U.S. interest rates will stay near zero for at least three years as the Federal Reserve enacts measures to prop up the economy.

But are low interest rates a new phenomenon? Interestingly, one study by the Bank of England shows that this pattern of declining interest rates has taken place globally since the late Middle Ages. In fact, it suggests that these downward-sloping rate trends have taken place even before modern central banks entered the scene—illustrating an entrenched, historical trend.

This Markets in a Minute chart from New York Life Investments tracks the history of U.S. interest rates over two centuries, from the creation of the first U.S. Bank to the current historic lows.

U.S. Interest Rates: Historic Highs and Lows

What are the highest and lowest rates throughout history?

Prior to today’s historically low levels, interest rates fell to 1.7% during World War II as the U.S. government injected billions into the economy to help finance the war. Around the same time, government debt ballooned to over 100% of GDP.

Fast-forward to 1981, when interest rates hit all-time highs of 15.8%. Rampant inflation was the key economic issue in the 1970s and early 1980s, and Federal Reserve Chairman Paul Volcker instigated rate controls to restrain demand. It was a period of low economic growth and rising unemployment, with jobless figures as high as 8%.

Year Average Interest Rate* Year Open Year Close Annual % Change
2020 0.9% 1.9% 0.7% -65.1%
2019 2.1% 2.7% 1.9% -28.6%
2018 2.9% 2.5% 2.7% 11.8%
2017 2.3% 2.4% 2.4% -1.6%
2016 1.8% 2.2% 2.4% 7.7%
2015 2.1% 2.1% 2.3% 4.6%
2014 2.5% 3.0% 2.2% -28.6%
2013 2.4% 1.9% 3.0% 70.8%
2012 1.8% 2.0% 1.8% -5.8%
2011 2.8% 3.4% 1.9% -42.7%
2010 3.2% 3.9% 3.3% -14.3%
2009 3.3% 2.5% 3.9% 71.1%
2008 3.7% 3.9% 2.3% -44.3%
2007 4.6% 4.7% 4.0% -14.2%
2006 4.8% 4.4% 4.7% 7.3%
2005 4.3% 4.2% 4.4% 3.5%
2004 4.3% 4.4% 4.2% -0.7%
2003 4.0% 4.1% 4.3% 11.5%
2002 4.6% 5.2% 3.8% -24.5%
2001 5.0% 4.9% 5.1% -1.0%
2000 6.0% 6.6% 5.1% -20.6%
1999 5.7% 4.7% 6.5% 38.7%
1998 5.3% 5.7% 4.7% -19.1%
1997 6.4% 6.5% 5.8% -10.6%
1996 6.4% 5.6% 6.4% 15.2%
1995 6.6% 7.9% 5.6% -28.8%
1994 7.1% 5.9% 7.8% 34.5%
1993 5.9% 6.6% 5.8% -13.0%
1992 7.0% 6.8% 6.7% -0.2%
1991 7.9% 8.0% 6.7% -17.0%
1990 8.6% 7.9% 8.1% 1.9%
1989 8.5% 9.2% 7.9% -13.2%
1988 8.9% 8.8% 9.1% 3.5%
1987 8.4% 7.2% 8.8% 22.1%
1986 7.7% 9.0% 7.2% -19.7%
1985 10.6% 11.7% 9.0% -22.1%
1984 12.5% 11.9% 11.6% -2.3%
1983 11.1% 10.3% 11.8% 14.1%
1982 13.0% 14.2% 10.4% -25.9%
1981 13.9% 12.4% 14.0% 12.5%
1980 11.4% 10.5% 12.4% 20.3%
1979 9.4% 9.2% 10.3% 12.9%
1978 8.4% 7.8% 9.2% 17.6%
1977 7.4% 6.8% 7.8% 14.2%
1976 7.6% 7.8% 6.8% -12.2%
1975 8.0% 7.4% 7.8% 4.9%
1974 7.6% 6.9% 7.4% 7.3%
1973 6.9% 6.4% 6.9% 7.6%
1972 6.2% 5.9% 6.4% 8.8%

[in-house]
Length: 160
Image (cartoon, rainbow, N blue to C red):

1971 6.2% 6.5% 5.9% -9.4%
1970 7.4% 7.9% 6.5% -17.5%
1969 6.7% 6.0% 7.9% 27.9%
1968 5.6% 5.6% 6.2% 8.1%
1967 5.1% 4.7% 5.7% 22.8%
1966 4.9% 4.6% 4.6% -0.2%
1965 4.3% 4.2% 4.7% 10.5%
1964 4.2% 4.1% 4.2% 1.7%
1963 4.0% 3.8% 4.1% 7.5%

*Indicated by 10-Year Treasury Yields, a prime mover of interest rates


As of September 28, 2020


Source: Macrotrends

Over the last year, interest rates have dropped from 2.1% to 0.9%, a 65% decrease. Rates are now below 1945 levels—and well under 6.1%, the average U.S. interest rate over the last 58 years.

Longer Horizons

Interest rates in the 18th and 19th centuries also provide illuminating trends.

After falling for three decades at the turn of the century, interest rates stood at 4% in 1835. That year, president Andrew Jackson paid off the U.S. national debt for the first and only time in history, as debt was seen as a “moral failing” or “black magic” in his eyes.

One consequence of this was the government sold swaths of land to finance the federal budget, ultimately avoiding the accumulation of debt. It didn’t last for long. The influx of land sales led to a real estate bubble and eventually, the economy fell into a recession. The government had to borrow again and rates ticked higher over the next several years.

Similarly, after the Civil War ended in 1865, data shows that interest rates also witnessed a long-term, negative slope, which ended in 1945. It then took 100 years for interest rates to exceed the highs of the Civil War era.

Why So Low For So Long?

While the exact reasons are unclear, broad structural forces may be influencing interest rates.

One explanation suggests that higher capital accumulation could be a factor. Another suggests that modern welfare states, with their increased public spending, have as well. For instance, average expenditures of total GDP in the UK averaged 35% between 1981 and 1960, compared to 8% between 1700 and 1750.

Along with this, rates usually have cycles that last between 22 and 27 years. When cycles shift from rising to falling rates, a quick reversal typically takes place. This was seen in 1982, when interest rates dropped 25%—from 14.2% to 10.4%—in one year. However, a different trend can be seen when falling rates switch to rising trends. These reversals typically average 2-14 years.

As near-zero rates seem more likely for the extended future, market distortions—such as ultra-low income yields—may become more commonplace. In turn, investors may want to rethink traditional asset allocations between fixed income, equities, and alternatives.

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